A few weeks ago, Amazon issued its first sustainability bond, raising $1 billion to invest in renewable energy, clean transport, green buildings, and affordable housing. The $1 billion bond is part of a growing trend of “green bonds” issued to fund environmentally friendly projects. Global issuance of green bonds reached a record high of $270 billion in 2020 and could reach $400–$500 billion in 2021, according to a report by the Climate Bond Initiative (CBI).
But just how “green” is Amazon’s green bond? I’m skeptical.
Green bonds are very popular these days and are considered by banks, corporations, governments, and supernational organizations such as the World Bank to be an important source of funding to finance climate-related and environmental projects. According to the CBI, the largest green bond issued in 2020 was a $13.0 billion Multifamily Green Mortgage-Backed Security by Fannie Mae used to finance mortgages backed by newly constructed multifamily properties that are certified as green buildings. Other large issuers of green bonds are urban transport operators such as the New York MTA, Los Angeles MTA, or Société du Grand Paris, the latter of which uses its green-bond program to fund an expansion of the Paris commuter and metro rail network.
But Amazon’s green bond is different. First, Amazon does not need newly issued money to finance its investment in the environment. In fact, Amazon is flush with money. In its most recent 10K, dated February 3, 2021, Amazon reports a total of $84.4 billion in cash and cash equivalents and marketable securities. This huge pile of cash accounts for more than 26 percent of Amazon’s total assets and 21.9 percent of its sales. Both ratios indicate that Amazon carries a lot of excess cash beyond what it needs for its routine operations.
When investors evaluate an investment in a traditional, not-green bond, they consider whether they will receive an adequate return on their investment to compensate for the credit risk of the issuing company. However, green bonds are different. Here, investors should also evaluate the environmental impact of their investment—and critically, whether the proposed green investment would have been undertaken even if they were not to provide funding. That is an important principle that we teach in business schools: that only incremental costs or revenue should be part of an evaluation of a project. And in the case of Amazon, the green investment is not incremental.
In its bond prospectus, Amazon commits that the net proceeds from the sale of the green bond will be allocated to finance or refinance green or social projects such as the acquisition of electric vehicles, installation of charging stations, or private-equity investments in clean transportation. Other eligible projects include sustainable buildings, affordable housing, and socioeconomic advancement and empowerment. There is no doubt that these are all nobles causes. However, for the most part it seems that Amazon has already invested in the aforementioned projects. Amazon invested in the electric-vehicle startup Rivian in early 2019 when it led a $700 million round of funding. It later purchased 100,000 electric delivery vehicles from the startup—and has already begun road-testing them in San Francisco. Similarly, this January, four months before its green-bond issuance, Amazon launched a $2 billion housing-equity fund to preserve and create over 20,000 affordable homes.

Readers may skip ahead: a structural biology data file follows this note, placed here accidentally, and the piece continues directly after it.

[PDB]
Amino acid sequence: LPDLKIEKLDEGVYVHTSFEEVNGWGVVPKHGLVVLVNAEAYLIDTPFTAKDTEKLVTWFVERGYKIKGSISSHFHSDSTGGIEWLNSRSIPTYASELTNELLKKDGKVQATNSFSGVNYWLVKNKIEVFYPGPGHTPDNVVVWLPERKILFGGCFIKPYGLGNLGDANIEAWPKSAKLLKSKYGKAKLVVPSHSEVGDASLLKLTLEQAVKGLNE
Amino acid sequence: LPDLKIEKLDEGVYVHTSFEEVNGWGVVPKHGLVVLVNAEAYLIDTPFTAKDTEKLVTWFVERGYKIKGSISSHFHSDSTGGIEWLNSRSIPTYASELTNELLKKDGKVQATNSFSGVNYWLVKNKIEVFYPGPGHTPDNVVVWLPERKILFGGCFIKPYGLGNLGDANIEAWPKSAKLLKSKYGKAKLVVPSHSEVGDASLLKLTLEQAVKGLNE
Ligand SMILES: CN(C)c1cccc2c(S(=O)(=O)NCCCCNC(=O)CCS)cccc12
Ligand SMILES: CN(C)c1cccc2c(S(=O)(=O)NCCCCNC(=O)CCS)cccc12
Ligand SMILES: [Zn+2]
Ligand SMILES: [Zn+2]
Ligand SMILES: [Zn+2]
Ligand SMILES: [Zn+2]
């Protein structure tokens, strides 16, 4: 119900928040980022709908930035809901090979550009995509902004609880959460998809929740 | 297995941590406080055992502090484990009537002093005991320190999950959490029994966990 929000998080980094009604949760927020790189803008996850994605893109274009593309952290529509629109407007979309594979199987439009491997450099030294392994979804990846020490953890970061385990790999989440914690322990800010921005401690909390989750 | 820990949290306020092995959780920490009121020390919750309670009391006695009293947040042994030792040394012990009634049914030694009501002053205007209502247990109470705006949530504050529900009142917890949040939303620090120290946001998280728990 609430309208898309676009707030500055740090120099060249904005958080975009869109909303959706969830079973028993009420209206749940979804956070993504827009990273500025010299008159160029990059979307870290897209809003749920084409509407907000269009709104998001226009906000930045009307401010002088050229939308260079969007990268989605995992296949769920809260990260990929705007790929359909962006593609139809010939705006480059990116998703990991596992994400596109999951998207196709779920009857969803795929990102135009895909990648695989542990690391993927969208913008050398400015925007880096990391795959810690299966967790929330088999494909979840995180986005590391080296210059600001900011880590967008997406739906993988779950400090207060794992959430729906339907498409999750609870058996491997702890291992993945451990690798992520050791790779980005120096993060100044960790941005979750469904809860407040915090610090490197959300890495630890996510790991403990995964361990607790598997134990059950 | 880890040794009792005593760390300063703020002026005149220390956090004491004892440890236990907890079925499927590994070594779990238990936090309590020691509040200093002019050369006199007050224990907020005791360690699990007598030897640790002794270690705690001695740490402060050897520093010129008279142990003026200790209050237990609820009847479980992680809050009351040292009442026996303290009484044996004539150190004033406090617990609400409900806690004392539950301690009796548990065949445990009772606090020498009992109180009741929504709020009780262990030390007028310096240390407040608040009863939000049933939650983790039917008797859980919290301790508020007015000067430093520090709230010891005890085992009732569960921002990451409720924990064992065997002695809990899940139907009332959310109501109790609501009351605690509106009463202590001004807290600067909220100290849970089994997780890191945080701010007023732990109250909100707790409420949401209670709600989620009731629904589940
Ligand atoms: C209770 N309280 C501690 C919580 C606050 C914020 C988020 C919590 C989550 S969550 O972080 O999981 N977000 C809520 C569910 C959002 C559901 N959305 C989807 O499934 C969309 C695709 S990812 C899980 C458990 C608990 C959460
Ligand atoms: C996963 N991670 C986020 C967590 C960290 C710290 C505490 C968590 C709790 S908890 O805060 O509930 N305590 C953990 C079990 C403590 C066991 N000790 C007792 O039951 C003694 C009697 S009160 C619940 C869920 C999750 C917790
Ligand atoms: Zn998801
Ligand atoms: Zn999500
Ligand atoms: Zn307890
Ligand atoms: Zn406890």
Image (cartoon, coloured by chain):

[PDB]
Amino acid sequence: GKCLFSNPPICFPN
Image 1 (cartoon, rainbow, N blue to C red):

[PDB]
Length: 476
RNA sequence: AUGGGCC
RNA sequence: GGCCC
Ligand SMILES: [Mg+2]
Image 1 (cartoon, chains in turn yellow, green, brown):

It seems that Amazon’s green and social projects are already up and running. And Amazon has loads of cash. So why does Amazon issue a green bond? The answer is simple: because interest rates are still historically low, making it an opportune time to inexpensively raise money. Amazon and other investment-grade issuers have been issuing large amounts of bonds since February 2020. In fact, Amazon’s green bond accounts for just a small portion of the $18.5 billion worth of debt issued by Amazon in May. The proceeds of this behemoth bond issue will be added to Amazon’s existing pile of cash—at least for the moment.
But Amazon is not the only company issuing green bonds when it can fund its sustainable projects with existing funds. Last summer, Alphabet—Google’s owner—issued $5.75 billion in sustainability notes despite the fact that they are sitting on cash and marketable securities worth $121 billion, or 43.5 percent of their total assets. And Apple issued a $4.7 billion green bond in March 2021 while holding $191 billion in cash and marketable securities—the largest such cushion in the world, amounting to 59 percent of Apple’s total assets.
Investors seem to be falling for the allure of these bonds regardless of whether their money is needed. Don’t get me wrong: Alphabet, Amazon, and Apple have all been incredibly successful. They provide products and services that have revolutionized our lives, and those who invested in these companies early and held on to their investment saw hefty returns. But these companies should use their own dime—or mountains of dimes—to invest in environmental and social causes. And investors who care about those causes should invest in the companies that need the money the most.
This article originally appeared in Forbes.